What’s your favorite thing about SpineNation as a consumer, not a staff member?

It means a lot to see the community interactions in our main feed and our various support groups. I love getting to see people from all over the country and worldwide supporting one another, cheering each other on, and sharing advice for pre-and post-op. These interactions are what I needed when I was going through all the rigamarole of tests, diagnostics, procedures, and surgeries. I’m proud to have created this space for other spine warriors to receive the support they need. I also receive help and support on my bad pain days.

What’s your No. 1 piece of advice for people living with chronic pain?

You have to be your own best advocate. It sometimes may feel like you have to fight too hard to receive a firm diagnosis or a treatment plan that helps. It doesn’t matter. However hard you have to fight, you are the best person to advocate for yourself. Become as educated as possible, track your symptoms and walk into appointments with specialists with as much data as possible. Fire destructive doctors, get 2-3 medical opinions, and talk to your peers. Information is your superpower as a patient.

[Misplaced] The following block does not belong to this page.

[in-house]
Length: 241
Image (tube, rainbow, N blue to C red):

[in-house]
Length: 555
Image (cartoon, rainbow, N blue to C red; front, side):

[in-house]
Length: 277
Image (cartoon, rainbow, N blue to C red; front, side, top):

Chris Jones: Director of Content

Chris Jones, Director of Content
Chris Jones, Director of Content

What’s your role with SpineNation? What do you do?

I’m the web content editor. I’m tasked with coming up with editorial ideas for content, writing content, and working with our contributing writers. Part of this is also editing content and making sure our content remains up to date by revising previously written content as things within health care change. 

I also do a bit of relationship cultivating and managing with our health care partners. These providers are our article sources, peer medical reviewers, and content providers themselves.

What’s your origin story? How did you end up involved with SpineNation?

I met Jay Resio, the CEO of SpineNation, online. He was seeking a writer and editor with a background in health writing. We had a couple of talks, and we’ve been working together since. It’s been over four years now. 

Do you live with chronic back, neck, or spine conditions?

I do not have a chronic back, neck, or spine condition. Still, I have endured multiple surgeries on my legs (broken bone, torn cartilage, two ACL reconstructions), so I understand the plight of people in pain. My father-in-law has a herniated disc in his lower back, as does my sister-in-law.